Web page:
So it’s keeping those bits in your, in your, in the forefront of your mind and actually working with that. And that’s something I’ve done very consciously and worked really hard at because that helps those moments of introspection of why is this why am I not getting these recommendations through? Why is this report getting revised? Again, what am I missing? It’s, again, it’s not SEO that will solve those problems, it is those other soft skills and teachings that will pull you out of them.
So it sounds like tactically, you take a guess at what your client’s communication style is, or what their slot is on Myers Briggs or whatever personality trait program you’re using?
Yeah, I mean, you once you start, you, if once you’ve done the original stone, the work kind of figured out where you sit on it. And with the process, then is to make yourself a little familiar with everyone else’s. So you don’t just learn about your own typing inclinations, you learn about I was, doesn’t have to take very long, I mean, I find I into it quite towards this sort of thing quite often.
So I’m innately curious as to other people’s preferences. But actually, when you’re in a room with somebody, and, or even, I’ll have some meetings, and I’ve worked a lot in agency, so I’ve met with a lot of people, and you pitch and discuss things with a lot of different securities, and usually even just running through the like the agenda for a meeting, you’ll know. You’ll know who’s what, just by their body language or the questions they ask, you might even find if you’ve got there’ll be that one person in the room that says but what does it all mean? before you’ve even gotten past the intro slide that teaches you an incredible amount about that. And tailoring your what you then present how you present to that is that I mean, it takes a long time to learn and become sort of fluid at that.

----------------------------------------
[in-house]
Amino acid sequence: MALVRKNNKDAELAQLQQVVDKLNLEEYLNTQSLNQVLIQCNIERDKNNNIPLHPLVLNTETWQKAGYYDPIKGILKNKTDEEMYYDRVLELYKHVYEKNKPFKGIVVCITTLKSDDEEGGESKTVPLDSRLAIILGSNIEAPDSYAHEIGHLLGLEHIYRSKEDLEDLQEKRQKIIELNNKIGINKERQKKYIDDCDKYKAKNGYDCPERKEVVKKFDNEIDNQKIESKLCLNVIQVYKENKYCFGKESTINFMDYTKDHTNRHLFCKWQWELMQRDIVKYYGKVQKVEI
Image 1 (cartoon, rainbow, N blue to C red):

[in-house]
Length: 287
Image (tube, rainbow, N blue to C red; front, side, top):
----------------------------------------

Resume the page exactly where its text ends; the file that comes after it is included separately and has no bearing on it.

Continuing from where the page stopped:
But picking that stuff up is just such an invaluable skill set. And I think yeah, the, you know, if you kind of think of agency account directors who just seem to have this way of building a rapport or doing incredibly well, they’re doing this all the time that you know, and they might not even know it as consciously as what they’re doing, they might just do it instinctively. But it is just what what do these people need to know? How do I need to adjust my own communication styles to them, to give them what they want?
Really interesting, I did a similar one, I don’t remember the name when I was at Ketchum as big agency. I have actually done on a ton of these over my lifetime. But the reason I like this one, in particular, was that it had you figure out or once you figured out what the personality preference was, it would talk through what that personality preference acted like in times of stress.
Particularly in an agency environment that was really helpful. It was also very interesting because there’s… there was one personality type, that’s basically the extreme extrovert, kind of one, which I fall into. And it was the, you tend to get louder, maybe even scream the extreme extrovert side when you’re stressed. But anyway, the opposite of that was this very analytical minds or analytical personality type.